Thanks to the strength of Stirling’s painting collection, the walls are well endowed, and the curators are now keen to turn their attention to acquiring objects. ‘The campus is the art’, Cameron explains, and the buildings within it act like sculptural entities within the landscape. The contemporary works that are being brought into the collection are intended to enhance this creative ‘whole’. Recent acquisitions by Lotte Glob and Nick Evans, for instance, have introduced striking forms and textures to the Pathfoot courtyards, while also provoking questions about the nature of creativity and the process of making.
Cameron and Jacqueline McKenna, Head of Gardens and Grounds are determined to develop a considered plan for siting works within their modernist landscapes, and have recently visited Louisiana Museum Denmark in June 2015 to share ideas about the influence of original 1960’s architecture on the land, the use of lighting, architectural detailing, furnishing, planting and ideas for installation and display of artworks using the glazed walls and the landscape beyond.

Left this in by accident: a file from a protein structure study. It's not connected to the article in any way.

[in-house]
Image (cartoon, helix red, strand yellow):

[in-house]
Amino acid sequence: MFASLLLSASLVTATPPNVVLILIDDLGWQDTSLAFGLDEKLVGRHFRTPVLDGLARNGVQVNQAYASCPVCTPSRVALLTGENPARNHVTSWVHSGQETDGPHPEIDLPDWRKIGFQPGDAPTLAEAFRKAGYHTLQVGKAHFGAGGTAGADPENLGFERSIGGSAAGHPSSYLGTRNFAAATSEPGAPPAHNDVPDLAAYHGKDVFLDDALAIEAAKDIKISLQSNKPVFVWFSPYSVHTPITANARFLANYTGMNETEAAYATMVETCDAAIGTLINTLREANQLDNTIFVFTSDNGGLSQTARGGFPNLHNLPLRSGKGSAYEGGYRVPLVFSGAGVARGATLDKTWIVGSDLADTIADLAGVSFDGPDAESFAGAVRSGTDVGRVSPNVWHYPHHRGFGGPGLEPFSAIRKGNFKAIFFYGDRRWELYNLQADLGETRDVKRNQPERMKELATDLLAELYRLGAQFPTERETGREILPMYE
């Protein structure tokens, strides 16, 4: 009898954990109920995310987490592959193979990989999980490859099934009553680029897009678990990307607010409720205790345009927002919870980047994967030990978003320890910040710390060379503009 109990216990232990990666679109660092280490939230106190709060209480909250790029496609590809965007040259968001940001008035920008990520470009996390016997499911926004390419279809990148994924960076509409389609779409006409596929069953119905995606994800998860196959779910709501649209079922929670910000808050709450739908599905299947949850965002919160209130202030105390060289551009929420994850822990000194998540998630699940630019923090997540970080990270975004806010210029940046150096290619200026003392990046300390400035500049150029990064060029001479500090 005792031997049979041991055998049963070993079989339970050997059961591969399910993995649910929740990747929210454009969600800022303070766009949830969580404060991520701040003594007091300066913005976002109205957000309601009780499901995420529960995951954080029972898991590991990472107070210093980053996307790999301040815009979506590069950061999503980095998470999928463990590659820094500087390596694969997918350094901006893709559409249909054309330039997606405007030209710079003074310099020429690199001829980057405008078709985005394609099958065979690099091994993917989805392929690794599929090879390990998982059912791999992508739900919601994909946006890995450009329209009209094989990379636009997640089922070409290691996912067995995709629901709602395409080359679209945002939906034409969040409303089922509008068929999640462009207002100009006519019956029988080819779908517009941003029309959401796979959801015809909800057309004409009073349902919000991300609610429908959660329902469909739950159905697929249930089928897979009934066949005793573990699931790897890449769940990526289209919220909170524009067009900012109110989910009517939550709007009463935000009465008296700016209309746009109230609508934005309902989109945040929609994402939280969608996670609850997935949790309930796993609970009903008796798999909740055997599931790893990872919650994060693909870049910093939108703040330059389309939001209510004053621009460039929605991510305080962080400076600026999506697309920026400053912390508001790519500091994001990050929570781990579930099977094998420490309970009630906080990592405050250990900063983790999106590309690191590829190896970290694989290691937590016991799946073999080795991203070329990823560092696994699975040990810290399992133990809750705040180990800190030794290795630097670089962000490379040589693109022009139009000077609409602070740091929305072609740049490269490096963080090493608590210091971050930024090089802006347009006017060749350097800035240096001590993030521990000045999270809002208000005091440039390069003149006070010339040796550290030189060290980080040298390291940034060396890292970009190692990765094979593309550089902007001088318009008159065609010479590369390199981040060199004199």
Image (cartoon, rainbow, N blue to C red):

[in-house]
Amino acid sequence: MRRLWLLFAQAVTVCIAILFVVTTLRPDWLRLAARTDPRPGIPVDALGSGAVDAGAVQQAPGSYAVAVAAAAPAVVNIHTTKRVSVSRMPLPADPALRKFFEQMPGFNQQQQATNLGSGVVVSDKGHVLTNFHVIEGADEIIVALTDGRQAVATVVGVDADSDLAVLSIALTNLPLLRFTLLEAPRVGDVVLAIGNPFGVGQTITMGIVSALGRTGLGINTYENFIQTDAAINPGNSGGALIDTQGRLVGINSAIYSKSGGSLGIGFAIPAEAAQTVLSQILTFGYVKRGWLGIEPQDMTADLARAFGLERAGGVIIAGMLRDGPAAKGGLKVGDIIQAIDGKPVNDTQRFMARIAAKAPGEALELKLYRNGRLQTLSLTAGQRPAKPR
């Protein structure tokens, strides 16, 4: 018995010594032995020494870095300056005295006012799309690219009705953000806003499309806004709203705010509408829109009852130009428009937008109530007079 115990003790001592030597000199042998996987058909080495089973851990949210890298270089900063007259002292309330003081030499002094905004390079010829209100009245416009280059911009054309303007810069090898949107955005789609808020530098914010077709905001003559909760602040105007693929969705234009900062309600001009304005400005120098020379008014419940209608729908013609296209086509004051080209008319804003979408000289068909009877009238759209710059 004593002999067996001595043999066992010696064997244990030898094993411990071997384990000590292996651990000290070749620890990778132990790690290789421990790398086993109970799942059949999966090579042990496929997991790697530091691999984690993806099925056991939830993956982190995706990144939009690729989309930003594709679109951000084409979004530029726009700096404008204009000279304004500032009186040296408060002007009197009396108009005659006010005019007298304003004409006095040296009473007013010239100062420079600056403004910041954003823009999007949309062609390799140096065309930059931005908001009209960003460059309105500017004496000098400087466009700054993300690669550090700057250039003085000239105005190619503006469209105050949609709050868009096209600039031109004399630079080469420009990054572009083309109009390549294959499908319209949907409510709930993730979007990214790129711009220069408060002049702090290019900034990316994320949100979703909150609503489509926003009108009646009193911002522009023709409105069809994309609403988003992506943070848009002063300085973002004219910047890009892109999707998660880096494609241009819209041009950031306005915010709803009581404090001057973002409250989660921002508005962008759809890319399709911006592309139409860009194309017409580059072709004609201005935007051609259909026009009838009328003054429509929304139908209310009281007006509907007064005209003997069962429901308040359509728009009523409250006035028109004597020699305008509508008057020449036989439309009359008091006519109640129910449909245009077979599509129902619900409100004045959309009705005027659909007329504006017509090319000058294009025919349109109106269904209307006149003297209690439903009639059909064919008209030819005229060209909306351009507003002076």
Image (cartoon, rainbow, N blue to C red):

The campus grounds already host a number of large public sculptures, but there have also been commissions that explore what public sculpture might be. Alec Finlay, a former student, returned in 2013 as an artist-in-residence, funded by the Leverhulme Trust. Collaborating with Stirling’s Schools of Natural Sciences and Arts & Humanities he drew on Stirling’s renown in apicultural research and their investigations into pesticide impacts on bee populations. Finlay’s ‘bee library’ provided bee shelters around the rural campus, and now forms a trail around the grounds.
As well as communicating particular currents of research undertaken within the institution, Cameron also seeks to acquire works that share the outward outlook of academic exploration and international exchange. In its campus in the Ochil Hills, Stirling University may seem modest and somewhat tucked away, but its community is international.
Arguably, this outward perspective finds its most expansive form in Katie Paterson’s “Future Library”. Paterson peers into realms as remote as deep space, necessitating relationships with all sorts of collaborators across time zones, disciplines and sciences. Future Library conjures the future of thought itself: an editioned certificate entitles the bearer in 100 years’ time to a collection of specially commissioned writings, one written every year of the project, and printed on paper from a specially planted forest in Oslo, Norway.
Collections curators inevitably think about how the future will come to regard our present. In the context of a university’s regularly replenishing generations, and Stirling’s 50-year anniversary in 2017, Cameron is particularly attuned to capturing contemporary scientific and cultural conversations, and to representing this present for future generations.